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Lions Roar : July 2010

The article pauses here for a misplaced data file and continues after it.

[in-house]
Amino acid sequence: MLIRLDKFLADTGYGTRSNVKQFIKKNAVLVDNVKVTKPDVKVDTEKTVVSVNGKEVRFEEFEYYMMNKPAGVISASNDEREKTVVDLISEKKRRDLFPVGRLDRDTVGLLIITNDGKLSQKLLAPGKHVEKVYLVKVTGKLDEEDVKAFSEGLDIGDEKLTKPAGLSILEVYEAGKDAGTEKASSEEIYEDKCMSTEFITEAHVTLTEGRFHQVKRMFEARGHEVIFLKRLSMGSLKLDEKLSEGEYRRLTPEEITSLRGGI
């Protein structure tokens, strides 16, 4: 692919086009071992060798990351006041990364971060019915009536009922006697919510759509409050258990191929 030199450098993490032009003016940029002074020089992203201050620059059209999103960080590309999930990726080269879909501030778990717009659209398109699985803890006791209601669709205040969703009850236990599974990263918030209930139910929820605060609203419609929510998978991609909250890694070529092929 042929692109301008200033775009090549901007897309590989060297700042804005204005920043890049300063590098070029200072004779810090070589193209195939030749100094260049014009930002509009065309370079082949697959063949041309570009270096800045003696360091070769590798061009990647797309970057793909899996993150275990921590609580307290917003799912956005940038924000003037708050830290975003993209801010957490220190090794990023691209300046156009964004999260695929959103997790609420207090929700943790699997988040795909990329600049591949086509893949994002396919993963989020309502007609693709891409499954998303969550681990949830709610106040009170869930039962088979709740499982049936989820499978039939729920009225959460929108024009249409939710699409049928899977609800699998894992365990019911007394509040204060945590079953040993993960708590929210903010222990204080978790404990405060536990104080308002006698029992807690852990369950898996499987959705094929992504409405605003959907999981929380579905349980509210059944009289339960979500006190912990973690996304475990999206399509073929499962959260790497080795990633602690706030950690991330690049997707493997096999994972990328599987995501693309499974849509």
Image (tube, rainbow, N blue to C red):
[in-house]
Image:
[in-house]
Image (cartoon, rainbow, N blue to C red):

CULTIVATING A CULTURE OF AWAKENING Mindfulness retreats with the Monks & Nuns in the tradition of ZEN MASTER THICH NHAT HANH 2010 TOUR THE WORLD WE BECOME July 21-25 Deer Park Monaster Escondido, CA HAPPINESS IS THE WAY August 4-8 Blue Cliff Monastery, Walker Valley, NY BE THE CHANGE August 20-25 YMCA of the Rockies, Estes Park, CO (( Dear friends, if you look deeply enough, you will see me in the Retreat, walking with you, sitting with you, breathing with you. I feel clearly that I am in you and you are in me. In this Retreat, you will witness the talent of the Sangha: You will see that Thay is already well continued by the Sangha, and the presence of the Sangha carries Thay' s presence ' - Thich Nhat Hanh People of all ages, experiences and backgrounds are warmly welcome! For more information and registration: vvvvvv.tnhtour.org or e-mail: firstname.lastname@example.org 34 SHAMBHALA SUN JULY 2010 find him. He is somewhere in the market- place, with the other fishermen. The only way you will know him is that wherever he goes, withered trees burst into bloom. In Judaism the Tzaddik is the equiva- lent of the Zen Fisherman, someone who has attained true wisdom and ripeness. A story is told of a Tzaddik who was on his way to synagogue for Kol Nidre prayers on the eve of Yom Kippur. These are prayers for forgiveness at the holiest time of the year. When he didn't arrive, the congrega- tion became worried and set out to search for him. He was finally found-in a near- by house cradling a baby. Shocked, the congregation asked him what happened. The Tzaddik said that on In Jewish practice, true kindness arises froll1 the mitzvot, specific thoughts and actions to be used at the appropriate till1es. the way to synagogue, he passed a home and heard a baby crying loudly. When he checked to make sure the child was all right, he found the baby alone. Distressed, the Tzaddik immediately picked him up and rocked him in his arms. Rather than go to synagogue for the prayers, he stayed and comforted the baby. There was noth- ing else he could do. Both Zen and Jewish practice continually return us to everyday reality, to this moment and all it asks from us. When we are ripe, we simply give unconditionally whatever is needed, with no thought of ourselves or of being someone special. The Tzaddik com- forting the baby was the deepest prayer- like the Zen Fisherman laughing with oth- ers while sitting anonymously on a pier. Both were concerned only with taking the very best care of life. The true fruit and test of both practices is kindness, expressed in all kinds of ways, wherever the practitioner may go. When a person lives in that man- ner, the withered branches of whomever she touches naturally come back to life. .